# VLOOKUP function

This article describes the formula syntax and usage of the **VLOOKUP** function (function: A prewritten formula that takes a value or values, performs an operation, and returns a value or values. Use functions to simplify and shorten formulas on a worksheet, especially those that perform lengthy or complex calculations.) in Microsoft Excel.

## Description

You can use the **VLOOKUP** function to search the first column of a range (range: Two or more cells on a sheet. The cells in a range can be adjacent or nonadjacent.) of cells, and then return a value from any cell on the same row of the range. For example, suppose that you have a list of employees contained in the range A2:C10. The employees' ID numbers are stored in the first column of the range, as shown in the following illustration.

If you know the employee's ID number, you can use the **VLOOKUP** function to return either the department or the name of that employee. To obtain the name of employee number 38, you can use the formula **=****VLOOKUP(****38, A2:C10, 3, FALSE)**. This formula searches for the value 38 in the first column of the range A2:C10, and then returns the value that is contained in the third column of the range and on the same row as the lookup value ("Axel Delgado").

The V in **VLOOKUP** stands for vertical. Use **VLOOKUP** instead of **HLOOKUP** when your comparison values are located in a column to the left of the data that you want to find.

## Syntax

VLOOKUP(lookup_value, table_array, col_index_num, [range_lookup])

The VLOOKUP function syntax has the following arguments (argument: A value that provides information to an action, an event, a method, a property, a function, or a procedure.):

**lookup_value**Required. The value to search in the first column of the table or range. Theargument can be a value or a reference. If the value you supply for the l*lookup_value*argument is smaller than the smallest value in the first column of the*ookup_value*argument,*table_array***VLOOKUP**returns the #N/A error value.**table_array**Required. The range of cells that contains the data. You can use a reference to a range (for example,**A2:D8**), or a range name. The values in the first column ofare the values searched by*table_array*. These values can be text, numbers, or logical values. Uppercase and lowercase text are equivalent.*lookup_value***col_index_num**Required. The column number in theargument from which the matching value must be returned. A*table_array*argument of 1 returns the value in the first column in*col_index_num*; a*table_array*of 2 returns the value in the second column in*col_index_num*, and so on.*table_array*

If the ** col_index_num** argument is:

- Less than 1,
**VLOOKUP**returns the #VALUE! error value. - Greater than the number of columns in
,*table_array***VLOOKUP**returns the #REF! error value.

**range_lookup**Optional. A logical value that specifies whether you want**VLOOKUP**to find an exact match or an approximate match:- If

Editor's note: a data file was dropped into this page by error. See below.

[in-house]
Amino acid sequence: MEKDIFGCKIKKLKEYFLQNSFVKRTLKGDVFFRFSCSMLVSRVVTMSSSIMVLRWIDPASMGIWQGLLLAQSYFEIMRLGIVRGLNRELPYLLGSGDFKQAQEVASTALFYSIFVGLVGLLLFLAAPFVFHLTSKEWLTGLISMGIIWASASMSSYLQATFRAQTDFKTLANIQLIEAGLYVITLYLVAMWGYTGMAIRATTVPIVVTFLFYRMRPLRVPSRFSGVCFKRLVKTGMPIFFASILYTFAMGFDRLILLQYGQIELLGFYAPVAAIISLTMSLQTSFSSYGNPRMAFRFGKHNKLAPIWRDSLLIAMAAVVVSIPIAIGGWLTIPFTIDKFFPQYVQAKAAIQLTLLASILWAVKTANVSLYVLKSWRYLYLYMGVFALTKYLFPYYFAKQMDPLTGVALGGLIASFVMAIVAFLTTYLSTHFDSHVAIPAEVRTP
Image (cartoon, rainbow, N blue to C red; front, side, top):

is either TRUE or is omitted, an exact or approximate match is returned. If an exact match is not found, the next largest value that is less than*range_lookup*is returned.*lookup_value*

** Important ** If ** range_lookup** is either TRUE or is omitted, the values in the first column of

**must be placed in ascending sort order; otherwise,**

*table_array***VLOOKUP**might not return the correct value.

For more information, see Sort data in a range or table.

If ** range_lookup** is FALSE, the values in the first column of

**do not need to be sorted.**

*table_array*- If the
argument is FALSE,*range_lookup***VLOOKUP**will find only an exact match. If there are two or more values in the first column ofthat match the*table_array*, the first value found is used. If an exact match is not found, the error value #N/A is returned.*lookup_value*

## Remarks

- When searching text values in the first column of
, ensure that the data in the first column of*table_array*does not contain leading spaces, trailing spaces, inconsistent use of straight ( ' or " ) and curly ( ‘ or “) quotation marks, or nonprinting characters. In these cases,*table_array***VLOOKUP**might return an incorrect or unexpected value.

For more information, see CLEAN function and TRIM function.

- When searching number or date values, ensure that the data in the first column of
is not stored as text values. In this case,*table_array***VLOOKUP**might return an incorrect or unexpected value. - If range_lookup is FALSE and
is text, you can use the wildcard characters — the question mark (?) and asterisk (*) — in*lookup_value*. A question mark matches any single character; an asterisk matches any sequence of characters. If you want to find an actual question mark or asterisk, type a tilde (*lookup_value***~**) preceding the character.

## Examples

### Example 1

Use the embedded workbook shown here to work with examples of this function. You can inspect and change existing formulas, enter your own formulas, and read further information about how the function works.

This example searches the Density column of an atmospheric properties table to find corresponding values in the Viscosity and Temperature columns. (The values are for air at 0 degrees Celsius at sea level, or 1 atmosphere.)

To work in-depth with this workbook, you can download it to your computer and open it in Excel. For more information, see the article Download an embedded workbook from OneDrive and open it on your computer.

### Example 2

This example searches the Item-ID column of a baby products table and matches values in the Cost and Markup columns to calculate prices and test conditions.

### Example 3

This example searches the ID column of an employee table and matches values in other columns to calculate ages and test for error conditions.